What Are These White Spots on the MRI?

Understanding a Common Finding on Brain MRI

Doctor examining CT scan on digital tablet
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You may have been told that you have “spots” on your brain magnetic resonance image (MRI). While a brain MRI is used to diagnose neurological disease, the changes generally appear like spots in the brain and have to be interpreted by your doctor and a radiologist.

Certainly, spots may be a cause for concern, and they may explain the symptoms for which you had your brain MRI. But there are a variety of explanations for white spots on a brain MRI, and many of them are not alarming.

Your doctor will work with you to determine the significance and cause of the spots based on your medical history, your neurological examination, and your other diagnostic tests, as well as how many spots there are, their size and appearance, and where they are located in the brain.

White Spots on a Brain MRI

Spots on a brain MRI are called leukoaraiosis, and they are caused by the changes in water content and fluid movement that occur in brain tissue when the brain cells are inflamed or damaged. These lesions are more easily seen on T2 weighted images, which describes the frequency (speed) of the radio impulses used during your scan.

White spots may be described in your MRI report as high signal intensity areas (HSIA), white matter hyperintensities, or nonspecific white matter changes.

Causes of White Spots on a Brain MRI

There are several causes of leukoaraiosis. These changes have been associated with problems as diverse as stroke, cognitive decline, multiple sclerosis (MS), lupus, a brain tumor, or an infection, such as meningitis, or encephalitis. They are usually found in the brain’s white matter, typically near the ventricles, but they can be located anywhere in the brain.

Sometimes the white matter hyperintensities can resolve, as with a treated infection or brain tumor. They may temporarily improve and possibly worsen again later, as with episodic inflammatory conditions such as lupus or MS. The spots may shrink in size months after a small stroke, or they may worsen with a degenerative condition such as Rasmussen's encephalitis.

Silent Strokes

Sometimes white spots occur even without symptoms. This is often caused by silent strokes, which are small strokes that don't cause symptoms. They may not cause symptoms if you have enough brain function to compensate for the small area of brain damage.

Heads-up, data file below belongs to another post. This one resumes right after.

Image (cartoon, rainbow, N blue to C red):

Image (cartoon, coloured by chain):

Silent strokes often occur in a region of the brain called the internal capsule, and are usually caused by blockage of small blood vessels.

What Increases the Risk of White Spots?

Small strokes, the most common cause of white spots on a brain MRI, are often caused by cerebrovascular disease, while large strokes are usually caused by heart disease or carotid artery disease.

Risk factors that lead to and exacerbate these conditions include hypertension, high cholesterol, smoking, an unhealthy diet, diabetes, obesity, or drinking alcohol heavily.

Like many other signs of vascular disease, some people are more at risk for these MRI signal changes than others. A certain degree of white matter change is expected as you age. There tends to be some degree of genetic predisposition, and if you are of Hispanic or African American descent, you are at a higher risk of developing white matter lesions on your brain MRI.

How to Stop Spots From Worsening

Your doctor can help you understand your MRI findings. Rather than just focusing on these hyperintensities, your doctor can help you identify what risk factors you have that might need addressing.

Often, risk factors require treatment with prescription medications, or even with surgery. Lifestyle strategies, such as a healthy diet, exercise, and even building brain power, are all associated with a healthier brain.

A Word From Verywell

It can be frightening to hear that there are white spots on your MRI scan.

The cause of these changes is complex, and you may need further testing to find out whether you have an inflammatory disease, a vascular disease, or some other cause. While the lesions themselves are not always treatable, there are a number of effective strategies that can reduce your chances of developing further lesions in the future.

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Article Sources
  • Marek M, Horyniecki M, Frączek M, Kluczewska E. Leukoaraiosis - new concepts and modern imaging. Pol J Radiol. 2018 Feb 15;83:e76-e81. doi: 10.5114/pjr.2018.74344. eCollection 2018.

  • Wiggins ME, Tanner J, Schwab N, et al. Regional leukoaraiosis and cognition in non-demented older adults. Brain Imaging Behav. 2018 Aug 20. doi: 10.1007/s11682-018-9938-5. [Epub ahead of print]